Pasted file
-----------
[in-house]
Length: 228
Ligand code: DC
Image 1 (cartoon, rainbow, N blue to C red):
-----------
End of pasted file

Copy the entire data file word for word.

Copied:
[in-house]
Length: 228
Ligand code: DC
Image 1 (cartoon, rainbow, N blue to C red):